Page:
Reduced voltage losses yield 10% efficient fullerene free organic solar cells with >1 V open circuit voltages
Brabec, C. J.
Durrant, J. R.
KAUST DepartmentPhysical Sciences and Engineering (PSE) Division
Materials Science and Engineering Program
KAUST Solar Center (KSC)
Chemical Science Program
King Abdullah University of Science and Technology (KAUST), KSC, Thuwal, Saudi Arabia
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AbstractOptimization of the energy levels at the donor-acceptor interface of organic solar cells has driven their efficiencies to above 10%. However, further improvements towards efficiencies comparable with inorganic solar cells remain challenging because of high recombination losses, which empirically limit the open-circuit voltage (Voc) to typically less than 1 V. Here we show that this empirical limit can be overcome using non-fullerene acceptors blended with the low band gap polymer PffBT4T-2DT leading to efficiencies approaching 10% (9.95%). We achieve Voc up to 1.12 V, which corresponds to a loss of only Eg/q - Voc = 0.5 ± 0.01 V between the optical bandgap Eg of the polymer and Voc. This high Voc is shown to be associated with the achievement of remarkably low non-geminate and non-radiative recombination losses in these devices. Suppression of non-radiative recombination implies high external electroluminescence quantum efficiencies which are orders of magnitude higher than those of equivalent devices employing fullerene acceptors. Using the balance between reduced recombination losses and good photocurrent generation efficiencies achieved experimentally as a baseline for simulations of the efficiency potential of organic solar cells, we estimate that efficiencies of up to 20% are achievable if band gaps and fill factors are further optimized. © The Royal Society of Chemistry 2016.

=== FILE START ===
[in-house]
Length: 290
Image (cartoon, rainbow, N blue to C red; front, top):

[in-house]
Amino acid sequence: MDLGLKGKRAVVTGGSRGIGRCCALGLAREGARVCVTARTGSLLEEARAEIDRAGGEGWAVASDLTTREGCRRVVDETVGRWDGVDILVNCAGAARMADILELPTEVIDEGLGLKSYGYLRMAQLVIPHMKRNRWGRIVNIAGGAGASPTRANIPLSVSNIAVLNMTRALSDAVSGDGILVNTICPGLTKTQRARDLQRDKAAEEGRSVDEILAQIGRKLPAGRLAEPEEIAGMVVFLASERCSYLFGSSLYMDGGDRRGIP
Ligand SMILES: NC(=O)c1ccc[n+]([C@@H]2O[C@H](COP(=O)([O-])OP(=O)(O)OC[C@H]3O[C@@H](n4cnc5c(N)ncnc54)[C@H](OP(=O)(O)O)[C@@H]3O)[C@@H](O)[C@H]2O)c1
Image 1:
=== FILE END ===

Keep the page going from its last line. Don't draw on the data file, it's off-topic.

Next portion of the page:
CitationBaran D, Kirchartz T, Wheeler S, Dimitrov S, Abdelsamie M, et al. (2016) Reduced voltage losses yield 10% efficient fullerene free organic solar cells with >1 V open circuit voltages. Energy Environ Sci 9: 3783–3793. Available: http://dx.doi.org/10.1039/c6ee02598f.
SponsorsS. H., A. W. and I. M. thanks EC FP7 Project SC2 (610115), EC FP7 Project ArtESun (604397), and EPSRC Project EP/G037515/1, EC FP7 Project POLYMED (612538). TK acknowledges support from the DFG (Grant KI-1571/2-1).
PublisherRoyal Society of Chemistry (RSC)
JournalEnergy Environ. Sci.
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